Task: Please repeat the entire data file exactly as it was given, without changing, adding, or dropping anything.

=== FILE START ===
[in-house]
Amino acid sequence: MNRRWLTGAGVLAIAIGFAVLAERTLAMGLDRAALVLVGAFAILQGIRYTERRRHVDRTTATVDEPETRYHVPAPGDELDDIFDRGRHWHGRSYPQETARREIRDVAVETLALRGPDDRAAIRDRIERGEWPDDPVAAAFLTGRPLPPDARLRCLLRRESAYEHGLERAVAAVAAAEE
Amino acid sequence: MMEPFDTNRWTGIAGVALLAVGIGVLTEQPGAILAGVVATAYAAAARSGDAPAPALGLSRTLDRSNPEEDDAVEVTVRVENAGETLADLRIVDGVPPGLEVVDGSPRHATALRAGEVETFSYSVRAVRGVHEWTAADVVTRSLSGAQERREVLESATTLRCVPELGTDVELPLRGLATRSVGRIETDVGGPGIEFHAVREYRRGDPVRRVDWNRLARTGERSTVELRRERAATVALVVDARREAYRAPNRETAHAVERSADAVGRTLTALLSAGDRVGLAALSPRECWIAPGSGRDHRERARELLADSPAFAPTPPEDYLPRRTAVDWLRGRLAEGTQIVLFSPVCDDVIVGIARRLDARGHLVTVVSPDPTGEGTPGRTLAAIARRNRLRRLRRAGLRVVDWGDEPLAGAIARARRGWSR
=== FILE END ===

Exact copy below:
[in-house]
Amino acid sequence: MNRRWLTGAGVLAIAIGFAVLAERTLAMGLDRAALVLVGAFAILQGIRYTERRRHVDRTTATVDEPETRYHVPAPGDELDDIFDRGRHWHGRSYPQETARREIRDVAVETLALRGPDDRAAIRDRIERGEWPDDPVAAAFLTGRPLPPDARLRCLLRRESAYEHGLERAVAAVAAAEE
Amino acid sequence: MMEPFDTNRWTGIAGVALLAVGIGVLTEQPGAILAGVVATAYAAAARSGDAPAPALGLSRTLDRSNPEEDDAVEVTVRVENAGETLADLRIVDGVPPGLEVVDGSPRHATALRAGEVETFSYSVRAVRGVHEWTAADVVTRSLSGAQERREVLESATTLRCVPELGTDVELPLRGLATRSVGRIETDVGGPGIEFHAVREYRRGDPVRRVDWNRLARTGERSTVELRRERAATVALVVDARREAYRAPNRETAHAVERSADAVGRTLTALLSAGDRVGLAALSPRECWIAPGSGRDHRERARELLADSPAFAPTPPEDYLPRRTAVDWLRGRLAEGTQIVLFSPVCDDVIVGIARRLDARGHLVTVVSPDPTGEGTPGRTLAAIARRNRLRRLRRAGLRVVDWGDEPLAGAIARARRGWSR